Alec Nevala-Lee

Thoughts on art, creativity, and the writing life.

Posts Tagged ‘Taschen

Inside Room 237

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Room 237

I’d say a day rarely goes by when I don’t think about Stanley Kubrick, but recently, he’s been on my mind even more than usual, thanks to the appearance in my life of two wonderful pieces of Kubrickiana. The first is the gorgeous Taschen study of Napoleon, the film Kubrick modestly hoped would be “the greatest movie ever made,” including the director’s own notes, voluminous research materials, reference photographs, and his original script. The other is Room 237, the fascinating if somewhat shapeless new documentary that details five elaborate interpretations of The Shining, with its interviewees convinced that the movie is really a veiled allegory, among other things, for the Holocaust, the genocide of Native Americans, or the role Kubrick played in faking the Apollo moon landing. And although the two works might not seem to have much in common, aside from the figure at the center, they cast a surprising amount of light, both separately and together, on the artist who seemed more committed than any other director to advancing the entire medium.

Room 237 deliberately leaves its viewers with more questions than answers, and there are times when we’d like a little more information about some of the passionate, articulate, slightly unhinged voices on the soundtrack, but it’s still a huge pleasure to watch. If nothing else, it’s a welcome excuse to revisit The Shiningone of the richest of all American movies, as the documentary picks it apart with the obsessiveness of a conspiracy theorist rewinding the Zapruder film. It gives us freeze frames, enlargements, diagrams, and entire scenes played in slow motion or reverse, until the film starts to resemble one of those visual puzzles that Nabokov evokes at the end of Speak, Memory: Find What the Sailor Has Hidden. The guiding principle of these readings is that nothing is a mistake, and that even seemingly innocent continuity errors can convey a secret meaning. Even I’d never noticed that the color of Jack’s typewriter changes over the course of the movie, that the pattern on the carpet beneath Danny’s feet reverses itself between two shots, or that Stuart Ullman’s office includes an impossible window.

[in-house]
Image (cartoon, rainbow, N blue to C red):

Danny Lloyd in The Shining

And it’s worth asking why Kubrick, and The Shining in particular, has encouraged such diverse—and occasionally insane—interpretations. For one possible answer, we can turn to Taschen’s Napoleon, which convincingly documents that Kubrick really was as obsessive as he seemed: even before the project had been officially approved by any studio, he had an army of assistants and researchers compiling visual references, combing through archives, and assembling a card catalog that documented what every character was doing on every day of Napoleon’s life. When one of the interviewees in Room 237 claims that Kubrick deployed a team to spend months researching every aspect of Colorado history, we aren’t given much supporting evidence, but it’s certainly plausible. The interviewees argue, not without reason, that Kubrick was a perfectionist who shot miles of film, did countless takes, and wanted to control every aspect of a movie’s production, so that even the fact that a chair in the background disappears from one shot to the next can be taken as a deliberate choice.

But I think there’s a deeper point to be made here about the nature of Kubrick’s process, and of artistic endeavor in general, beyond what particular significance we read into The Shining. (For what it’s worth, I think there’s a good case to be made that the film deliberately incorporates symbolism from American history, although less for the sake of a clear message than as a way of enhancing its richness and texture, and I’m not sure how seriously to take that can of Calumet baking powder.) Kubrick understood that the point of meticulous control, paradoxically, is to make a movie that can strike up its own reality in the inner life of the viewer, independent of the artist’s intentions. The Shining retains its fascination, after so many other films have been forgotten, because the intricacy of its construction, far from limiting its possible readings, creates a sort of playground—or labyrinth—that rewards endless exploration. The real impossible window is one that the work opens up because the rest of it has been so deliberately constructed. And while I’m not sure what Kubrick would have made of the elaborate games of Room 237, I think he’d be the first to grant that only a very dull movie is all work and no play.

Written by nevalalee

April 8, 2013 at 9:09 am

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